Written by: Michael Den Boer on February 3rd, 2005
Theatrical Release Date: Canada, September 12th, 1998
Director: Shinya Tsukamoto
Writer: Shinya Tsukamoto
Cast: Shinya Tsukamoto, Sujin Kim, Kirina Mano
DVD Released: February 22nd, 2005
Approximate Running Time: 87 minutes
Aspect Ratio: 1.85:1 Anamorphic Widescreen
Sound: Dolby Digital 5.1 Japanese
DVD Release: Artsmagic
Region Coding: Region 1 NTSC
Retail Price: $24.95
Synopsis: Goda (Shinya Tsukamoto) is a director of commercials whose girlfriend has just committed suicide. Wanting to know more about why his girlfriend’s suicide he becomes obsessed with obtaining a Smith and Wesson’s chief’s special. In his search for a fire arm he comes across a gang of thugs who end up beating him up and taking his money. His grip on reality deteriorates more with each failed attempt at obtaining a gun. Goda’s fate becomes intertwined with Chisato (Kirina Mano) a girl who is part of the group of thugs that rob him earlier. Will Goda find the answers he is looking for before his obsession consumes him?
Bullet Ballet grips its viewer immediately with its tale about love and loss that leads too an obsession that almost consumes Goda. His downward spiral has been meticulously mapped put through director’s Shinya Tsukamoto carefully composed compositions. The films luminous black & white photography it heightened by the films bleak locations. The hand held camera action gives the film a documentary look. The lead character Goda is by far and away the most compelling in the film. The streets thugs that appear through out left me feeling cold and the only other character besides Goda that shows any true growth was Chisato. This film is not so much about the characters and their back stories as it is about the chaos they create. Guns in their design and look are works of beauty that leave destruction in their wake. Director Shinya Tsukamoto never glorifies the violence depicted in film and by the end of the film every character has been affected in some way by the suicide of Goda’s girlfriend.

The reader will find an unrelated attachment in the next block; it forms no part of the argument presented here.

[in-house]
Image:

Bullet Ballet is presented in an anamorphic widescreen that preserves the films original 1.85:1 aspect ratio. The black and white image remains solid through out with an exceptional amount of detail present in every frame. The source material used for this transfer is in excellent shape and this is Artsmagic’s best transfer to date.
The only audio option included for this release is the films original Japanese language track presented in a Dolby Digital 5.1 that perfectly separates the dialog, music. There are no problems with distortion or hiss. English subtitles have been included that are easy to follow and understand.
Once you have finished watching the film Artsmagic have included some juicy extras that give more incite into the Shinya Tsukamoto and his films. Extras include an interview with Shinya Tsukamoto that runs about thirty five minutes in length in which we are able to hear from the director reminisce about making Bullet Ballet. The other main extra is an audio commentary by acclaimed writer Tom Mes. Who as usual offers a wealth of information about Bullet Ballet and the films of Shinya Tsukamoto. Other extras include bios & filmographies for some of the cast and crew. Rounding out the extras are some promotional material for the film and two trailers for the film.
Artsmagic have done an amazing job on this DVD that is sure to make fans of Bullet Ballet extremely happy. Overall Bullet Ballet is a visually stunning film that explores the affects of violence without making any apologies or excuses.